Shares of United Natural Foods (NYSE:UNFI) tumbled today after an otherwise strong earnings report wasn't enough to justify the stock's monster gains during the pandemic (shares were up nearly 200% before today's sell-off). The pullback may have also been a sell-the-news event as the supermarket operator had reported similar numbers in a preliminary earnings report back in May.
As of 1:52 p.m. EDT today, the stock was down 19.4%.
United Natural Foods, which owns a number of supermarket banners it acquired from SuperValu, as well as a natural foods wholesale business, said that revenue in the third quarter increased 12% to $6.67 billion, in line with estimates.
Its business supplying Whole Foods in the quarter was particularly strong, with sales rising 16.1% to $1.28 billion, while its core supermarkets segment saw revenue increase 15.3% to $4.27 billion. Like other supermarket operators, United Natural Foods benefited from a surge in demand during the lockdown, which led to strong operating leverage, driving profit growth. Adjusted operating income in the quarter increased from $50.9 million to $82.2 million, while adjusted earnings per share jumped from $0.61 to $1.40, even with the company's forecast in its update in May.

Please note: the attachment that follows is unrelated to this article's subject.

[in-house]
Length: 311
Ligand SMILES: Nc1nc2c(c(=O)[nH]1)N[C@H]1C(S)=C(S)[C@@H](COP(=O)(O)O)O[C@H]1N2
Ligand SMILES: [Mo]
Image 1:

CEO Steven Spinner touted the company's momentum going into the fourth quarter, saying, "We expect elevated consumer demand for our wide variety of natural, conventional and fresh perimeter products, along with our ongoing synergy and integration initiatives, to result in a strong finish to the fiscal year."
United Natural Foods updated its guidance for the year and now expects revenue of $26.4 billion to $26.6 billion, up from its guidance earlier in the year of $23.5 billion to $24.3 billion. That compared favorably with the analyst consensus of $25.2 billion.
On the bottom line, the company sees adjusted EPS of $2.30 to $2.50, up from a prior range of $0.85 to $1.40, and ahead of estimates at $2.16. That guidance implies a profit of $0.43 to $0.63 in the current quarter, showing the business is starting to normalize from the shutdowns.
Though that guidance was better than estimates, investors may have been expecting more given the momentum from the lockdowns.